Thursday, December 29, 2005
Domestic Goddess Onion Soup
I can't believe I haven't had time to blog about this! It was a wonderful, wonderful soup, and I truly felt like a domestic goddess when I served it up. Contrary to what you might believe, the recipe is not at all from Nigella's book with the same name, but from another D G - Julia Child's classic "Mastering the Art of French Cooking" that was given to me by a friend who was moving and didn't want to lug the heavy book with him. (Thank you, thank you, thank you!)
It takes time - but it's time very well spent, no doubts about it. Do give it a try. Please. I urge you. I changed some things from the original - for one, the cream wasn't in there, but I like the round feel of it. (Besides, I had omitted quite a bit of the oil and butter, so I felt fine with adding some liquid fat instead.) Feel free to play around with seasoning, or serving - maybe with some toasted bread, croutons, a little floater with cheese.. anything. I liked mine as plain as possible, with some crusty bread on the side.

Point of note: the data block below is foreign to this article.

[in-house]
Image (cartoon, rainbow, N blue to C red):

Classic Onion Soup
adapted from Mastering the Art of French Cooking, Julia Childs
2 generous servings, or 4 as a small starter
3 large yellow onions, very thinly sliced
2 tbsp butter
1 tbsp olive oil
1 tsp salt
1 tbsp sugar
3 tbsp flour
1 litre (4 cups) boiling water + 2 bouillon cubes, or 1 litre stock.
150 ml white wine
50 ml cognac
100 ml single cream
Melt the butter and olive oil in a large pot. Add the onion, cover with a lid, and let it sweat for fifteen minutes on low heat. Remove the lid, and raise the heat to medium. Add the salt and a pinch of sugar, stir well. Let the onions caramelize for 30 minutes, stirring every five minutes. It must absolutely not burn.
Sprinkle in the flour, and stir well for 2-3 minutes. Add the wine, water and bouillon cubes (or ready made stock). Put the lid halfway on, and bring to a boil. Let simmer on medium heat for 30 minutes. Stir every now and then. Just before serving, correct seasonuing, and add cream and cognac.